Pastor’s Bible Reading Schedule: Joel 1-3; Philippians 4
In the book of Joel we find the prophet helping God’s people deal with natural disasters as he explains the significance of them. As natural disasters hit, it is troubling that only a few people ever ask, “What is God trying to teach me?” What is our first response when trials come into our lives? Philippians 4 tells us to “rejoice in the Lord alway and again I say rejoice.” (vs. 4) It doesn’t give any qualifiers other than to always rejoice. How are you doing with this command? By the way, it is a command and it is NOT a suggestion. It is an imperative that clearly says, “You rejoice in the Lord always and again I say rejoice.” How does that happen? It happens when you and I are completely convinced that God is in control and that He can never make a mistake. We are not always able to rejoice in our circumstances, but we can always rejoice in the character and control of our great God in the midst of our circumstances. We can rejoice when we find out we have cancer, have lost our job, or have a tooth ache if we are convinced God is in control and cannot make a mistake. The context of this passage is two ladies in the church who are not getting along. What do we do? We trust the word of God and let it have its perfect work in our minds as we grow in grace so that God and His word are glorified. The question is always, “who do we want to please most?” When it is most important for us to please the Lord, we obey the word of God no matter what our flesh wants. We trust God to know what is best. Therefore, we run to Him in prayer, making our requests known to Him while thinking on things that are true, honest, just, pure, lovely, and of good report. This obedience to God’s word and conviction that God knows what is best produces contentment in everything God allows into my life. Then we can say with Paul, “I have learned in whatsoever state I am, therewith to be content.” (vs. 11) Our confidence to have the proper attitude of heart that produces my countenance and actions is that “I can do all things through Christ which strengtheneth me.” (vs. 13) When I have the conviction that God is at hand and doing what is right, I am committed to bringing glory to Him through my attitude and actions. Then I can rejoice in the Lord always and in all things give thanks. It is this attitude of trusting in the Lord with all my heart that produces the desire to partner with God in His program. As I am faithfully giving to God’s program, committed to bringing Him glory through my contentment I can rejoice that God promises to meet “all my needs according to His riches in glory by Christ Jesus.” (vs. 19) Oh how the selfish Christian gives up so much. No wonder so much heartache is rooted in people trying to get their way instead of yielding to God’s way. It doesn’t say, but my guess is that these two women needed to rejoice in the Lord and get out of the way so they were not a distraction or discouragement to the work God wanted to do at the church in Philippi. Their selfishness was affecting the unity of the church because they refused to rejoice, be content, and to be participating in the ministry. Paul exhorts someone to help these women learn to rejoice! How are you doing in this area?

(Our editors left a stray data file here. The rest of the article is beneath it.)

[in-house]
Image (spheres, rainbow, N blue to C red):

• Lord, please help me to trust you in every circumstance and to convince you of my growing faith by my contentment to accept your way as perfect. May my confidence in your wisdom and the grace you promise to be sufficient be shown in my countenance and actions.
• Lord, thank you for your faithfulness to me. I know that everything you allow into my life is ultimately for my good and your glory. Please help me to never disappoint you in my lack of faith. Help me to be convinced of your faithfulness to me in every circumstance.
• Lord, please help me to enjoy the participation in your program. Help me to be sacrificial, sensitive, and secret in my giving. Please help me to be motivated only by my love for you, faith in you, and ultimately for only your glory.